Think table saws are professional tools outside the reach of average users? Think again. This video shows how you can easily use a circular saw (in this case a 30 year old Makita) to drive a home-made table saw. This saw has been used for decades, and used in the construction of hundreds of homes, before portable table saws were common.
This is a saw you can build this afternoon! Plus it easily fits in a car and weighs under 20lbs. Save your money for a fullsize cabinet saw and use this for small rips.
- Circular saw
- Scrap or reclaimed plywood
- Use of a router and drill/impact
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Step 1: Find Some Scrap Wood!
Look through your (or your buddies) scrap wood pile for some plywood.
In this build the top of the saw is made from 1/2" thick fir plywood and the dimensions are 21" X 24".
Both of the sides of the saw are made from 3/8" thick fir plywood and the dimensions are 8 1/4" X 16" .
Woodfiller was used to smooth out the top of the saw table.
Step 2: Trace Out the Saw and Router Out a Space for the Saw to Sit
Place the circular saw on the underside of the table and trace around the base of the circular saw. Then remove the saw and using a router, freehand cut a space for the saw to sit so it will not move side to side.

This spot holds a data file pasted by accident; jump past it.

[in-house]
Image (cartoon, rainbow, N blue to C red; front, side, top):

Once you have done this you can simple "plunge cut" the circular saw through the table so that the blade comes out the other side.
Step 3: Add the Sides!
In this case hinges were used to secure the sides to the table top. This allows the saw to be collapsible. A scrap piece of wood was screwed on to allow for the saw to be clamped down to a work table (clamp is shown on the intro page).
Step 4: OPTIONAL: Wire in a Switch
At first the trigger of the circular saw was simply zip tied into the "ON" position, and the saw was turned off by unplugging the saw. For slightly improved safety, I suggest adding a switch onto the side.
If your budget allows, foot peddle activated switches are available online, and would allow you to turn off the saw without removing a hand from the material you are cutting!
Step 5: Cutting
To make your first rip cut, all you need to do is nail or screw on a scrap piece of wood to the table top. This saw was used for years without a fence being added.
I highly recommend buying a cheap speed square to make sure the blade is square with the top of the saw.
Make sure to measure the distance between the blade and the fence both at the front of the blade and at the back of the blade. If these measurements are different, it may cause your cut to be off, or worse, the blade might "kick" your working piece back towards you.